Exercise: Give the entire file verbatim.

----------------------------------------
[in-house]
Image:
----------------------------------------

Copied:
[in-house]
Image: